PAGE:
This has been a momentous week for early Americanists, with the 150th anniversary of the Lincoln assassination to start the week and, especially for those of us in Massachusetts, the annual commemorations of Patriot’s Day this weekend. We have lots of great links for you below the fold!
Posted in The Week in Early American History Tagged Abraham Lincoln, Benjamin Franklin, conferences, dissertations, food history, George Washington, George Whitefield, historical memory, Job Market, Native Americans, OAH, popular culture, Slavery, television, Turn, twitter
Here’s our seasonal roundup of new and forthcoming titles. Share your finds below! Continue reading
Posted in Lists, Recent Scholarship Tagged 19th Century, Abraham Lincoln, Adams, American Revolution, Amistad, Anglo-Dutch, Antebellum South, Archives, Atlantic World, Civil War, Confederacy, cultural history, Early Republic, Founders, French Atlantic, Gender History, George Washington, historiography, John Adams, Methodology, museums, Native Americans, New England, New York, photog, Politics, Print Culture, Publishing, Quakers, religion, Romanticism, Slavery, southern history, Spanish Empire, St.Louis, Thomas Jefferson, university press, Virginia, visual culture
Just in time for your holiday shopping list, here’s our preview of new titles—share your finds in the comments!
Posted in News, Recent Scholarship, Uncategorized Tagged 19th Century, Abraham Lincoln, American Revolution, Atlantic World, capitalism, Civil War, Constitution, cultural history, Early Republic, Gender History, George Washington, Native Americans, Politics, Popular History, Print Culture, Publishing, race, religion, Slavery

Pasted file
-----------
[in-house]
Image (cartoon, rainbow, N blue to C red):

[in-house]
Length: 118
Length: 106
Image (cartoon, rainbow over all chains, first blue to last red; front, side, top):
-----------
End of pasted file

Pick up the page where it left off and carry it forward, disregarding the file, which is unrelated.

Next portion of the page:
Iron Yoke Slave Collar
John A. Andrew Artifact Collection, MHS
Questions first ignited in a comprehensive exam room have an electric way of rippling through your whole career, whether you’re teaching in a university classroom and/or in the realms of public history. Take, for example, a standard query about nineteenth-century material culture: How would you tell a history of the American Civil War in five objects?
Posted in Pedagogy, Public History Tagged Abraham Lincoln, academia, Archives, Civil War, Gender History, material culture, pedagogy, Public History, Slavery, teaching
Here’s your seasonal roundup of early American art on exhibit. Add your finds below!
Posted in Public History Tagged 19th Century, Abraham Lincoln, African-American history, American art, Atlantic World, Early Republic, museum, museums, Native Americans, Popular History, Public History
Here’s the weekly review of early America in the news: Continue reading
Here’s our fall preview of new titles—share your finds in the comments! Continue reading
Posted in Lists Tagged 19th Century, Abraham Lincoln, American Revolution, Atlantic World, Civil War, cultural history, Early Republic, gender, Native Americans, Politics, Popular History, Print Culture, race, religion, Slavery